An Indiana man who has been appealing for 10 years his convictions of molesting his daughter won no relief at the 7th Circuit Court of Appeals, which ruled Thursday that errors in his trial “did not produce a significant likelihood an innocent person was convicted.”
The defendant-appellant, Keith Hoglund, had two daughters with Teresa Malott, including A.H., born in 1998. A.H. twice tried to tell Malott that Hoglund was molesting her, and Malott went to the police after her daughter’s second confession.
A.H. told a detective that her father had forced her to perform oral sex on him, but Hoglund denied the allegations to both law enforcement and to a jury. The jury, however, found him guilty in 2010 of molesting A.H., and a judge sentenced him to 50 years.
Hoglund began state-court appellate proceedings but was unsuccessful at both the Indiana Court of Appeals and Indiana Supreme Court. He was likewise unsuccessful in his efforts for habeas relief in the U.S. District Court for the Northern District of Indiana.
In his appeals, Hoglund claimed ineffective assistance of counsel, arguing his attorney failed to properly object to hearsay. The federal court agreed defense counsel was deficient, but also determined the state-court ruling that Hoglund was not prejudiced was not objectively unreasonable.
He also claimed his due process rights were violated when experts’ vouching testimony was admitted. The state court determined this was harmless error, and the federal judge found that ruling was not unreasonable.
Hoglund fared no better before the 7th Circuit, which affirmed in all respects in Keith Hoglund v. Ron Neal, Warden, 18-2949.
His first argument was that his trial counsel was ineffective for failing to argue that no foundation supported the medical exception to hearsay under Indiana Rule of Evidence 803(4). In the underlying testimony, three medical experts “relayed what A.H. told them and they essentially said they believed her.”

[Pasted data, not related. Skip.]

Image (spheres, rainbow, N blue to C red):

The 7th Circuit agreed there was prejudice in counsel’s failure to object to testimony from a clinical psychologist and a mental health counselor, neither of whom established that A.H. knew she was seeing them for medical diagnosis or treatment. The third expert, a pediatrician, testified that A.H. believed she was getting a “checkup,” but defense counsel did not push the issue further after the prosecution asserted the hearsay exception.
But determining the state court did not run counter to Strickland v. Washington, Judge Daniel Manion wrote Thursday that “there was no reasonable probability that, but for counsel’s deficient performance on hearsay, the result of the trial would have differed.”
“A.H.’s testimony was strong, graphic, detailed, and internally consistent,” Manion wrote. “… Hoglund’s trial counsel subjected her to extensive, probing, aggressive, detailed, even at times tedious cross examination, but she held up. Her account remained consistent.”
Hoglund returned to the issue of the experts’ testimony in arguing their “improper vouching” for the validity of A.H.’s testimony violated his due process rights. The appellee argued Hoglund procedurally defaulted this claim by basing his direct appeal arguments only on state evidentiary rules, but the 7th Circuit rejected that contention.
Even so, Hoglund did not succeed on his due process claim.
“No doubt the experts indirectly and directly vouched,” Manion conceded. In his direct appeal, the Indiana Supreme Court likewise determined vouching testimony is not allowed in child sex abuse cases but affirmed Hoglund’s convictions on harmless-error grounds.
But “(t)he case against him without the problems (even broadly construing the problems) was strong,” Manion wrote.
“True, the district judge thought the case was not overwhelming. But he said multiple times he thought it was strong even without the experts,” the judge concluded. “We agree. … The vouching did not produce a significant likelihood an innocent person was convicted.”